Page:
Auto insurance

Scam Alert: “Welcome to CarShield” Car Insurance Emails

In early March 2022, we reviewed several scam emails that typically began with the subject line “Welcome to CarShield”. Most of the messages we reviewed grouped the words like this: “WelcomeToCarShield”.

CarShield is an automobile insurance company that provides extended warranty coverage for automobiles. On the company’s website, it says, “We specialize in protecting our members from the high cost of auto repairs.

CarShield Fraudulent Email Addresses

The fraudulent messages did not come from official CarShield email addresses. Instead, we saw the following email addresses in the “from” column in seven different posts:

[email protected]
[email protected]
[email protected]
[email protected]
[email protected]
[email protected]
[email protected]

None of these addresses was an official email address for CarShield.

We found an example of an official email address for CarShield: [email protected] Messages from this address can be considered as coming from the company.

Do not click on links in fraudulent emails

Each fraudulent message contained only a few words and a link.

A scam in the spam folder.

One of the emails from CarShield read, “Confirmation: Save on potential car repairs now.” Another read: “Automatic protection for you and your family. Get a free quote today.” A third message said, “Cover your vehicle with flexible pricing from Carshield”. We also reviewed a scam email by the name of CarShield that simply said, “You could save $1,000 $ on repairs”.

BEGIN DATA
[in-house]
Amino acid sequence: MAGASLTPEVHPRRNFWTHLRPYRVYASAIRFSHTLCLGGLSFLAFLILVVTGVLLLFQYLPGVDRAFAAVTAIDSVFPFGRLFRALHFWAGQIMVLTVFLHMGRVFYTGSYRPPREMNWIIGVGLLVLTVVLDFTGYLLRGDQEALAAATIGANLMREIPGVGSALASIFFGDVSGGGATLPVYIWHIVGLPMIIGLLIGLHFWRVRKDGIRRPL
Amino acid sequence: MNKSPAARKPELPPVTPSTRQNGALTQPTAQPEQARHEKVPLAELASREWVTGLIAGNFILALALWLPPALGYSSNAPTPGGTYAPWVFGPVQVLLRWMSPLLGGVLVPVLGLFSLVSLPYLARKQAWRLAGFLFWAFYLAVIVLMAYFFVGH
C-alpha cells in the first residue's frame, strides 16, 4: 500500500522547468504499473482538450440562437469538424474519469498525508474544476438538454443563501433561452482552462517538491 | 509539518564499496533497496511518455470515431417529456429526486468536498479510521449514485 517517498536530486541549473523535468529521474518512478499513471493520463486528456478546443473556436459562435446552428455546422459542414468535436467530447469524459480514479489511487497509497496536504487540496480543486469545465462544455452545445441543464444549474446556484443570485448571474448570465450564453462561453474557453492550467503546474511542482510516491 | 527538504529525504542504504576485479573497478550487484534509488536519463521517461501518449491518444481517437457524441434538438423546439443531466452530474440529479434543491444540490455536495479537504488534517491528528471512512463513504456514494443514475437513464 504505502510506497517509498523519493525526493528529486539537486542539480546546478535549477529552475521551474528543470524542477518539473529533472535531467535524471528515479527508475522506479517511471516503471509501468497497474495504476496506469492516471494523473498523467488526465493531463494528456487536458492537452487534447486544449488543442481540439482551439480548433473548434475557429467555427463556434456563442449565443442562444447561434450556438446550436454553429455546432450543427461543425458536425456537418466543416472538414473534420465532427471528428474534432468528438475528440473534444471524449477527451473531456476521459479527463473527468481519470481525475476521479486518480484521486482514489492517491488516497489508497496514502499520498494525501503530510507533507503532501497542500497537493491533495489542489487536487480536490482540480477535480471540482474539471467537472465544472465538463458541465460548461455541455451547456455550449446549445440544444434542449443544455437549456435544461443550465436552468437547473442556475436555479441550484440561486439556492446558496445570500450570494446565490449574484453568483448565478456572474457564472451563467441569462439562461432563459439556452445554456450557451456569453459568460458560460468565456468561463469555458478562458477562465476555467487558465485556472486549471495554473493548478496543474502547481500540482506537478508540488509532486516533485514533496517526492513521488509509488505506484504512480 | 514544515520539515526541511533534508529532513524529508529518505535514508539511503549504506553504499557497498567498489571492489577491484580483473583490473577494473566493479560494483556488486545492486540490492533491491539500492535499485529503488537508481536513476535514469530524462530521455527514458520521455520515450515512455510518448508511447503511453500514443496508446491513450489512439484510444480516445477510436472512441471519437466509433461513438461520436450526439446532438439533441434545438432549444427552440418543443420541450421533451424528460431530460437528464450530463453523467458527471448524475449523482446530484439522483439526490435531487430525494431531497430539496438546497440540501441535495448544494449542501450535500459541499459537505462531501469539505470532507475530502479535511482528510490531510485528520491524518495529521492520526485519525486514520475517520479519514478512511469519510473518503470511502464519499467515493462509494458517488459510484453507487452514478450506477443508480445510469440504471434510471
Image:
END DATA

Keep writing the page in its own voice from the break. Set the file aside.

If readers receive any of these fraudulent e-mails stating the name CarShield, we strongly advise against clicking on the links. Opening the email might not be dangerous, but clicking on links is another matter altogether.

We tested several links in private browsing windows. While clicking on the links, we saw a number of redirects via unknown websites. Some of these automatic redirects looked suspicious to say the least. It’s unclear if this involved phishing attempts, but it was a possibility.

Further reading

In the past, we have covered other topics on the same subject of misleading claims about automobiles and auto insurance. We have previously reported fake advertisements online claiming that there are new policies or guidelines to insure vehicles that travel less than 49 or 50 miles per day.

We also published two articles that involved misleading claims about automatic headlights.

In short, no, the “Welcome to CarShield” emails were not genuine. They were scams. Always check the email address at the top of messages to find out where the message came from before clicking on any links. It’s also good to trust the built-in safeguards that warn users of potentially dangerous messages.


“For whom is this?” car shield